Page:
"Hi, I'm a middle school librarian, and I'm especially looking for fiction with multi-ethnic characters to share with my students."
Really, it wasn't a trick question. I wasn't a plant. Actually I was thrilled, beyond measure, to be at ALA Annual for the first time. I was over the moon as I walked around the exhibit floor, brushing past famous authors at every turn (Sarah Dessen! Sherman Alexie! Jacqueline Woodson! Laurie Halse Anderson! For a book lover, it was like being at the Academy Awards). And I wanted to bring something back to the 1000+ students in my diverse urban public school, so when I stopped at publisher booths I asked, "Could you please show me some books with multi-ethnic characters to share with my students?"
My request was greeted with polite puzzlement. Mildly frantic hunting around the booth. Offers of good middle-school titles about white main characters. The answer I remember most clearly came from the Penguin employee who thought hard for a moment, then said brightly, "What about NONfiction!" and presented me with an advance copy of Marching for Freedom.
I was pleased to have an ARC for Marching for Freedom. I purchased Marching for Freedom for my school library. But oh, what a disappointing response to my question.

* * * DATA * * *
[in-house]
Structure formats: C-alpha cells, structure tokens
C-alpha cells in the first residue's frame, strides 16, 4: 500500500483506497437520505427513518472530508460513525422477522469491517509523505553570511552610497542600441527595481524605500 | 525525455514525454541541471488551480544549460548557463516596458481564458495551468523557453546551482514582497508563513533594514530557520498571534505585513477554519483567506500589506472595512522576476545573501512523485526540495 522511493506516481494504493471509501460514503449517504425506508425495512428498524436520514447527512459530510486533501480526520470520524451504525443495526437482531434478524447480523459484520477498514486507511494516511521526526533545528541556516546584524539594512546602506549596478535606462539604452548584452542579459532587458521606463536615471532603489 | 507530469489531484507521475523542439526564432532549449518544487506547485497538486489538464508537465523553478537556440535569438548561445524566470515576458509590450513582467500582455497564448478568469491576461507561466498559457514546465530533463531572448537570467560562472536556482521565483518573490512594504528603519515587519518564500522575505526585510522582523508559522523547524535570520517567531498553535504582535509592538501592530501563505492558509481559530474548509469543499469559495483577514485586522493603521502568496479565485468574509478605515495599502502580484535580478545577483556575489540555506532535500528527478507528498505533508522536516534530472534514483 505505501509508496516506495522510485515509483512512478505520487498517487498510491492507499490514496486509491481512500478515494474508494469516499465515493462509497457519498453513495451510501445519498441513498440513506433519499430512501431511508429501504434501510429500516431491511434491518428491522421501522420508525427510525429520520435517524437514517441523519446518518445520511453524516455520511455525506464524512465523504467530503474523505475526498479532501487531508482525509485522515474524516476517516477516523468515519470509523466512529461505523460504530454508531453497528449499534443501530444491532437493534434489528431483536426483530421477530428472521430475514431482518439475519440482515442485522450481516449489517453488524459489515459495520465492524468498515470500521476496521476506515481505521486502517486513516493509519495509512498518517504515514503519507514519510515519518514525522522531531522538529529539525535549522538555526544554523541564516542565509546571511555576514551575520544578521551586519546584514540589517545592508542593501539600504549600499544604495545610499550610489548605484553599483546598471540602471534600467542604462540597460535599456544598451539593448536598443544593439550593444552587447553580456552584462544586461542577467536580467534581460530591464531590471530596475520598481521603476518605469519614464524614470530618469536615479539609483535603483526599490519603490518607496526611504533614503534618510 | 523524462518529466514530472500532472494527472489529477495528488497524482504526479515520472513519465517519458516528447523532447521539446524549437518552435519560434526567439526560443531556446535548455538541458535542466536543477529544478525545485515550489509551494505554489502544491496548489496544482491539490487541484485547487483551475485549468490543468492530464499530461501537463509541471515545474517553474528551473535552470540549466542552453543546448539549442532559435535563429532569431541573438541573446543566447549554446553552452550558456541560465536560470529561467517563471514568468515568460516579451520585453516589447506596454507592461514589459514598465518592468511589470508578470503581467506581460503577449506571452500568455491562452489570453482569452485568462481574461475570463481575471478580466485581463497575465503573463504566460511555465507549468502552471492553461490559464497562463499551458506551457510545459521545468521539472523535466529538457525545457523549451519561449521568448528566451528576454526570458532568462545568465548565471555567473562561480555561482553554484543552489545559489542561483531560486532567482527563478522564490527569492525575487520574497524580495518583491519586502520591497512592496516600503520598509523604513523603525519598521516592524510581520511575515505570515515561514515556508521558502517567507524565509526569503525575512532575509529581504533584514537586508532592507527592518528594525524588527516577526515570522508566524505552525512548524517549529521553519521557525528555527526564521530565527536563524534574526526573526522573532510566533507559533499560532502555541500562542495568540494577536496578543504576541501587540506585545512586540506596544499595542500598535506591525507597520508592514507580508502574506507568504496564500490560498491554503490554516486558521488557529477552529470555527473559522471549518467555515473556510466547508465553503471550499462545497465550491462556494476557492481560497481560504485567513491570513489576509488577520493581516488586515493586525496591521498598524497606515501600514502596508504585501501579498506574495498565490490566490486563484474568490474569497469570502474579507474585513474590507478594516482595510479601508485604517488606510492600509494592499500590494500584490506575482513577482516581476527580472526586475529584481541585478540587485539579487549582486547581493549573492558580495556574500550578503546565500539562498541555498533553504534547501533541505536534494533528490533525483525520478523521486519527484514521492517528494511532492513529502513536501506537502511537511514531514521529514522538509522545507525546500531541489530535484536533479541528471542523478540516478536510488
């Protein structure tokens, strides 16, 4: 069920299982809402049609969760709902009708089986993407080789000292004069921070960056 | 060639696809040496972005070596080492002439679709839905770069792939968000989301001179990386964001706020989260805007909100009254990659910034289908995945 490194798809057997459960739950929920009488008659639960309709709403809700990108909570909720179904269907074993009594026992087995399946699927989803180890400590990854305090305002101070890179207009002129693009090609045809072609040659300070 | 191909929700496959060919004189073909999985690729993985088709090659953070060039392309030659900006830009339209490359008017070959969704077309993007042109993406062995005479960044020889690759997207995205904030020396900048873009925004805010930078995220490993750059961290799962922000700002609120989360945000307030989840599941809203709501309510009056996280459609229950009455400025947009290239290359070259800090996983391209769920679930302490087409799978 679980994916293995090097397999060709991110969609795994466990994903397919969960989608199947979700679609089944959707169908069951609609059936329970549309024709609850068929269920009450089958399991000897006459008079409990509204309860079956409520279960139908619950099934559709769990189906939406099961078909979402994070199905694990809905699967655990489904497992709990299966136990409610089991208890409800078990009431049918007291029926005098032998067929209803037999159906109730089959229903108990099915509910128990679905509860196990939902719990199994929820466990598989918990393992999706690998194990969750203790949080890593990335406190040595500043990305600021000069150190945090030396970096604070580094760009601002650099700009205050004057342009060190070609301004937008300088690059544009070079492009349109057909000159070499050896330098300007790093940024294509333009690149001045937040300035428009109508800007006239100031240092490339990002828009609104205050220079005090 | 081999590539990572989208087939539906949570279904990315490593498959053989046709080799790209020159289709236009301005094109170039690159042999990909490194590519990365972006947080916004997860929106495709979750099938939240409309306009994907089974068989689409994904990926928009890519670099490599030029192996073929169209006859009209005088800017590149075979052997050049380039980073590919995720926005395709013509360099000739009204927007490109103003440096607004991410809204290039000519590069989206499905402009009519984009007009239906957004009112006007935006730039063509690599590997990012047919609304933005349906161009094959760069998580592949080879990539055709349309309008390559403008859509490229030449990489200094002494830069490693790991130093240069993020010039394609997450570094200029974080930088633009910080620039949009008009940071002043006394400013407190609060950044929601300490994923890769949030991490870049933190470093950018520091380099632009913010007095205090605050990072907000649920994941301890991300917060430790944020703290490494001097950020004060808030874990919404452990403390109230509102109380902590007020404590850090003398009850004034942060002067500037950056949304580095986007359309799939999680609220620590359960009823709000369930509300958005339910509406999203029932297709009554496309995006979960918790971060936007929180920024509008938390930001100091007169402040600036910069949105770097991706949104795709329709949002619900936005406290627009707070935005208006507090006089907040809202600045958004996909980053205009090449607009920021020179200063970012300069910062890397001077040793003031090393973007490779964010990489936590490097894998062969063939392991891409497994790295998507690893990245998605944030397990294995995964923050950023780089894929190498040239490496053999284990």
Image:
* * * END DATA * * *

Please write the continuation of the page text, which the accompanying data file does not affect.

Colleen Mondor's post Demand Diversity in Publishing is very timely, as ALA Midwinter begins this weekend. I hope ALA members and visitors will read my post, and hers, and start conversations on the exhibit floor. Every publisher will have at least one book to offer. Ask for more.
Look for some of the new books like Eighth-Grade Superzero (Arthur A. Levine/Scholastic) and One Crazy Summer (Amistad/HarperCollins). Then demand MORE.
At ALA Annual I went to a YALSA session called Strengthen Your YA Collection with Small Press/Diverse Publishers. I also looked for diverse publishers on the exhibit floor. Since Annual I've gotten some great book recommendations and resources from the e-newsletters, websites, and Twitter posts of these publishers. Take a look.
Pinata Books/Arte Publico Press (@artepublico)
Brown Barn Books
Cinco Puntos Press
Just Us Books
Lee & Low Books (@leeandlow)
Rolling Hills Press
Harlequin is not a small publisher, but I want to mention that they highlighted diverse books for teens at Annual with the Kimani TRU imprint.
Updating to add more publishers:
First Second Books (guess they're not a small publisher, but a photo on Fuse #8 from Midwinter reminded me how great they are and that they publish ethnically diverse graphic novels)
Tu Publishing (new, first books coming in 2010)